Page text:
Saturday, August 11, 2001
If you want people to know that you're confident, in control and a hard worker, let them know you exercise. According to the Journal of Sport and Exercise Psychology, a recent study at McMasters University showed exercisers were more likely to be seen by others as healthy and sexually attractive. Nice, huh?
Pity the poor non-exercisers. McMasters researchers surveyed 627 Canadian men and women and discovered that non-exercisers were perceived to be sickly, scrawny and sexually unexciting. In an earlier study, the same research team found that overweight women who exercised were able to escape some of the nasty stereotypes generally attributed to heavy women who don't exercise. None of this is fair, of course, but it does seem to be true one more reason to take the bull by the horns and start exercising today.
Three ways to improve strength training
Strength training is a great way to build muscle, boost your metabolism and reshape your body. If you don't have a strength-training routine, start one. Buy a book or video, or reserve some time with a trainer. It's very important to lift weights properly, never holding your breath while you lift. Here are three great ways to improve your training and avoid injuries:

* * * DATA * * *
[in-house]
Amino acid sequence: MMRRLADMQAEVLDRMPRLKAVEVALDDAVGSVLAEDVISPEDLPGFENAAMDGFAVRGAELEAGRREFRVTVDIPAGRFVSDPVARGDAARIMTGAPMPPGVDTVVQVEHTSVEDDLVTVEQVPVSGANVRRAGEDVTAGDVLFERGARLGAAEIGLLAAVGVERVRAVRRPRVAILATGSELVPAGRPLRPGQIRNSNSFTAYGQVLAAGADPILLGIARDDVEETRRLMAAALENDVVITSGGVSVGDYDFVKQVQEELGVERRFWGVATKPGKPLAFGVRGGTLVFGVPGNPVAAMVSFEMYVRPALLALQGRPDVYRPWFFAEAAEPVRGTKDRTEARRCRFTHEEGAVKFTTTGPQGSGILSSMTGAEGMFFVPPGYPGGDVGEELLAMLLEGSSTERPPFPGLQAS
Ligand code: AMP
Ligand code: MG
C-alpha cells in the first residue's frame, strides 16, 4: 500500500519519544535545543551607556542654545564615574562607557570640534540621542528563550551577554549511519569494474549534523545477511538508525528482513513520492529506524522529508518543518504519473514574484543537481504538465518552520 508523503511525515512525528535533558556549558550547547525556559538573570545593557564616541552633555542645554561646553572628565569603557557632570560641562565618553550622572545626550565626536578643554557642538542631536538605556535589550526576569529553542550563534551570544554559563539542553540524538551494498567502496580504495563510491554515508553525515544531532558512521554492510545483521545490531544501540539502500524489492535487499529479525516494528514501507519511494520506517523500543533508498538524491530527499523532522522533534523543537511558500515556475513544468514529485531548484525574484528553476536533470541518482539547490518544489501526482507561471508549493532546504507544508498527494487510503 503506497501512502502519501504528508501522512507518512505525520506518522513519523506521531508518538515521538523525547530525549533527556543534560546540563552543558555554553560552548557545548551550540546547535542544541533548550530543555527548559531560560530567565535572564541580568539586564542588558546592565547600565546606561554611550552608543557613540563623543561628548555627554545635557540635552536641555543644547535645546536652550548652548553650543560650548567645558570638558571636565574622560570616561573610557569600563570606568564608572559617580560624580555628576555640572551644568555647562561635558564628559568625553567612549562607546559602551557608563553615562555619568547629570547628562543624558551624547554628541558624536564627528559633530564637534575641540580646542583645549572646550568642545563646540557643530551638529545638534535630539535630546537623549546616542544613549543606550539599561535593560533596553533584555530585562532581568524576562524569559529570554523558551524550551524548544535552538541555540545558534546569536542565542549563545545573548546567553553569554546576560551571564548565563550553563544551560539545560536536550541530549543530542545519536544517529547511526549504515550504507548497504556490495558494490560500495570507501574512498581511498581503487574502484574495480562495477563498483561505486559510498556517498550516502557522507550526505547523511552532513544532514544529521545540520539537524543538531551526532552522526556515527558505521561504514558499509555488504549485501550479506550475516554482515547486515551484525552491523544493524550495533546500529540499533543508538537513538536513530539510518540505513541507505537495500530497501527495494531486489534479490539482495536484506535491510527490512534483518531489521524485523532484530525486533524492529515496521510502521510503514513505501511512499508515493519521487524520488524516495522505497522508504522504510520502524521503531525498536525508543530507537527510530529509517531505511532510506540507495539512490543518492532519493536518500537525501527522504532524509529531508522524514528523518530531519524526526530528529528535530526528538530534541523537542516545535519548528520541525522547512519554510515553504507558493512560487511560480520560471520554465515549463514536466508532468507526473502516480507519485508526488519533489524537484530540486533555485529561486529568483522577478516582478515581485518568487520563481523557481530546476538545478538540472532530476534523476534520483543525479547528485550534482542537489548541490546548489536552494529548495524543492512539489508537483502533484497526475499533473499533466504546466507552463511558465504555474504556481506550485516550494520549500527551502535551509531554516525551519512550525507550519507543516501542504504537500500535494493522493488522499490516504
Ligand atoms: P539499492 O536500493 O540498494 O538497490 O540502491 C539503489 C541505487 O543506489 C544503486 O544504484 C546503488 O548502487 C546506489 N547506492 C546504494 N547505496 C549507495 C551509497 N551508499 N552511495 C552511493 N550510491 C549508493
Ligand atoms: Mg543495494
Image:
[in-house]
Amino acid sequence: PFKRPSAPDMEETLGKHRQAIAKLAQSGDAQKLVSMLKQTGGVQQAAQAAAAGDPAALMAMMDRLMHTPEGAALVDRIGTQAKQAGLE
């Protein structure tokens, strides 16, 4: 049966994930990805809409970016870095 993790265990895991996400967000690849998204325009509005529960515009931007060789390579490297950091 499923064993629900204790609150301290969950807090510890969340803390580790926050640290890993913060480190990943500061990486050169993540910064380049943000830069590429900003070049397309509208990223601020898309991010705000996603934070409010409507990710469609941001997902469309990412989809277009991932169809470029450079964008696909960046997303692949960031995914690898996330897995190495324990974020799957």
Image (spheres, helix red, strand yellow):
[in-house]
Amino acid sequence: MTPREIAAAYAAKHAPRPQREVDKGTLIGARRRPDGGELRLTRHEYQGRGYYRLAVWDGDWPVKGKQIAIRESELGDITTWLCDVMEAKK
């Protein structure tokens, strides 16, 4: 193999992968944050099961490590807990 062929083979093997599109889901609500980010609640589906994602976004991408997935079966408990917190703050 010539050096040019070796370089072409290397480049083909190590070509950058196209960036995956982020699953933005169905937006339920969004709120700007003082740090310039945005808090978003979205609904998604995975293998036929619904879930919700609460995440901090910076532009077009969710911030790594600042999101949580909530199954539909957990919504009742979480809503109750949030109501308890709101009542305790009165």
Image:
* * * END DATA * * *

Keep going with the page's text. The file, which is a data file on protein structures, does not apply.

Don't lock your knees. I see it in the gym way too often: stiff-limbed lifters who lock their knees or elbows as they work through their routine. Not smart. Locked limbs can lead to injuries. Locking your limbs also takes away from the work the muscles have to do, decreasing the effectiveness of the routine. When you lift weights, you want to keep your knees and elbows soft and fluid, not locked and tight.
Don't bounce when you stretch. Stretching before you lift is a great idea, but if you stretch improperly, you may be doing more harm than good. Don't b-b-b-bounce your muscles. You may think that increases your ability to stretch them, but in fact it does the opposite.
P-p-pumping your muscles triggers a reflex that makes your muscles contract, not stretch. Stretch slowly, exhaling as you try to deepen the stretch, holding each stretch for 20 to 30 seconds as you imagine your muscle getting warmer, more flexible, more alive.
Watch those toes. Done properly, lunges and squats are excellent exercises for building strength in your lower body. Do them improperly and you risk injury. A common mistake is allowing your knees to extend past your toes as you lower your body. This may seem like a little thing, but it can add up to serious knee pain over time.